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Star-Shaped Brain Cells Shed Light on the Link Between Cannabis Use and Sociability

In a culture of neurons, feeder cells and astrocytes (star-shaped cell in the center in red) cohabit. Marking of tubulin in green, actin in red, and nuclei in blue. Researchers have focused on these cells to understand the impact of cannabis use on sociability.©Inserm/Saoudi, Yasmina/Ballet, Sandrine

Cannabis use can lead to behavioral changes, including reduced social interactions in some individuals. To better understand the phenomenon, Inserm researcher Giovanni Marsicano and his team from NeuroCenter Magendie (Inserm/Université de Bordeaux), in collaboration with Juan Bolaños’ team from the University of Salamanca, have identified for the first time in mice the cerebral mechanisms underlying the relationship between cannabis and reduced sociability. Their findings have been published in Nature.

Regular exposure to cannabis may have a harmful impact on sociability. For some consumers, studies show that it may lead to withdrawal and reduced social interactions. However, the brain network and the mechanisms involved in this relationship were unclear until now.

In order to learn more about the subject, a group led by Inserm researcher Giovanni Marsicano at NeuroCenter Magendie (Inserm/Université de Bordeaux)[1] has joined forces with a Spanish team from the University of Salamanca led by Juan Bolaños[2].

More broadly, their work is aimed at improving our knowledge of how cannabinoid receptors (the brain receptors that interact with chemical compounds in cannabis) work.

In their study published in the journal Nature, the researchers show that after exposure to cannabis, behavioral changes related to sociability occur as a result of the activation of specific cannabinoid receptors, located in star-shaped cells of the central nervous system called astrocytes.

Cannabinoid receptors and mitochondria

These findings are the result of almost a decade of hard work. In 2012, Marsicano and his team had made a surprising discovery: cannabinoid receptors are not only present on the cell membrane, as previously believed. Some of these receptors are also located on the membrane of the mitochondria, the intracellular organelles whose role is to provide the cells with the energy they need.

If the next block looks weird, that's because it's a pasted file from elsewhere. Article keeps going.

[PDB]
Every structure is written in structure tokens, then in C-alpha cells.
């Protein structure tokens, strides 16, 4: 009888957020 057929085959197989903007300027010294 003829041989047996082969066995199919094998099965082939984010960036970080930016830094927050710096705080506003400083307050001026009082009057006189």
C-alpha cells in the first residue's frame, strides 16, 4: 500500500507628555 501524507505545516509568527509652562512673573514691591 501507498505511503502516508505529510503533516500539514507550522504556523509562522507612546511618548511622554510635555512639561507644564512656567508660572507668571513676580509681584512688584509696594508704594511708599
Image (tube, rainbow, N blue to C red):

This new study comes after the team has identified cannabinoid receptors located on the membrane of the mitochondria within astrocytes. Among other functions, these cells play a very important role in energy metabolism of the brain. They capture glucose from the blood and metabolize it into lactate, which acts as “food” for neurons. “Given the importance of astrocytes and energy use for brain function, we wanted to understand the role of these specific cannabinoid receptors and the consequences for the brain and behavior when exposed to cannabis,” explains Marsicano.

Researchers then exposed mice to the cannabinoid THC, the main psychoactive compound in cannabis. They observed that persistent activation of mitochondrial cannabinoid receptors located in astrocytes resulted in a cascade of molecular processes leading to dysfunction of glucose metabolism in astrocytes.

As a result, the ability of astrocytes to transform glucose into “food” for neurons was reduced. In the absence of the necessary energy intake, the functioning of neurons was compromised in the animals, with a harmful impact on behavior. In particular, social interactions were decreased for up to 24 hours after exposure to THC.

“Our study is the first to show that the decline in sociability sometimes associated with cannabis use is the result of altered glucose metabolism in the brain. It also opens up new avenues of research to find therapeutic solutions to alleviate some of the behavioral problems resulting from exposure to cannabis. In addition, it reveals the direct impact of astrocyte energy metabolism on behavior,” says Marsicano.

At a time when the debate over therapeutic cannabis is returning to the forefront, the researchers also believe that this type of work is needed to better understand how the body’s various cannabinoid receptors interact with the drug, and whether any of them are particularly associated with harmful effects. Such research would make it possible to ensure the optimal management of patients who might need this type of therapy.

[1] With Arnau Busquets-Garcia (now in Barcelona, Spain) and Etienne Hebert-Chatelain (now in Moncton, Canada)

[2] With Daniel Jimenez-Blasco

Researcher Contact

Giovanni Marsicano

Chercheur Inserm

U 1215 Neurocentre Magendie

(Inserm/université de Bordeaux)

E-mail : moc.liamg@onacisram.innavoig

Téléphone portable sur demande

Press Contact



Glucose metabolism links astroglial mitochondria to cannabinoid effects

Daniel Jimenez-Blasco1,2,3* , Arnau Busquets-Garcia4,5,6*, Etienne Hebert-Chatelain7*, Roman Serrat4,5, Carlos Vicente-Gutierrez1,2,3, Christina Ioannidou4,5,Paula Gómez Sotres4,5, Irene Lopez-Fabuel1,2,3, Monica Resch1,2,3, Eva Resel8,9,Dorian Arnouil4,5, Dave Saraswat4,5, Marjorie Varilh4,5, Astrid Cannich4,5, Francisca Julio-Kalajzic4,5, Itziar Bonilla-Del Río10,11, Angeles Almeida1,3, Nagore Puente10,11, Svein Achicallende10,11, Maria-Luz Lopez-Rodriguez12, Charlotte Jollé13, Nicole Déglon14, Luc Pellerin13,15, Charlène Josephine16, Gilles Bonvento16, Aude Panatier4,5, Beat Lutz17, Pier-Vincenzo Piazza4,5, Manuel Guzmán8,9 Luigi Bellocchio4,5, Anne-Karine Bouzier-Sore15, Pedro Grandes10,11,18, Juan P.Bolaños1,2,3, and Giovanni Marsicano4,5

Nature, June 2020